OK, I understand that in Canada businesses have to have French signs and labelling a certain size relative to their English text. Does the law enforce how good that French is, assuming the business can’t afford a competent translation service? (I suppose having incomprehensible French would be the same as not having French at all and would therefore not satisfy the law.)
That’s not true. You’re thinking of Quebec.
I’m not sure, though, regarding the question reframed in a Quebec context.
Huh. So all that bilingual packaging I’ve seen was just to conform to the law in a single province?
OK, sure. Please rephrase in terms of Quebec.
Bilingual signage is not required only in Quebec. It is required at all Federal buildings and National Parks.
Bilingual packaging is required for all products sold in Canada.
The summer student staying with me is from France.
She bursts out laughing at some of the ‘French’ translations she sees on some products.
In Quebec the mandate is that primary sinage is in French (even if it means changing a company name - i.e. Second Cup) with smaller sinage in English. During my recent trip to Montreal some of the English translations were pretty fanciful.
I suppose my answer is that as long as the translation kind of makes sense, the grammer doesn’t have to be perfect.
However, as Ginger mentioned, government communication is bilingual and the traslations are pretty precise.
Heh. I thought it was the opposite - bilingual signage is required everywhere in Canada except Quebec. You can tell when you enter Quebec because all the English disappears off the road signs.
Oh, my mistake. I thought you were just asking about business signage, of which there is no requirement in non-Quebec Canada for any French whatsoever.
Packaging is a different story, but not everything on a package needs to be translated. Only a few key things, such as the product descriptor (eg laundry soap) and any mass or volume declarations need to be translated.
That’s really interesting. I don’t normally find errors in the translations of Canadian products, or even American, come to think of it. I do see errors on products from overseas, like China.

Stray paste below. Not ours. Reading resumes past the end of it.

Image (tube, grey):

Perhaps our experiences differ because we are coming from two very different kinds of French. There are Québécois words and phrases (often archaic usage) that don’t exist in the French that comes from France. Is it possible that constructions she thinks are in error might be Québécois?
Mind you, it could also be because she’s an actual Francophone, and I am not, so maybe I’m missing some mistakes. It is very, very possible my French is just rusty.
This may not be because it is incorrect, but rather that it is correct Canadian French and simply unfamiliar to her.
Canadian French developed in isolation from “French” French for generations; they are significantly more dissimilar than North American and British English.
Product packaging (especially food) is regulated by the laws of CANADA, not any province, and so federal law applies. Since the law requires that French be on product packaging, most companies simply make all packaging bilingual.
The federal government and the government of the Province of New Brunswick are bilingual and so all their offices, services, buildings and properties are bilingually signed.
Outside of Quebec there is no law requiring a private business have its commercial signage in any particular language. Around here (southern Ontario) it’s actually very, very unusual to see businesses with French signs. In fact, it’s not too hard to find business that don’t have French OR English on their signs.
IN Quebec, signs must be at least in French. Other languages can also be signed but French must be clearly predominant. This doesn’t apply to trademarked names, though.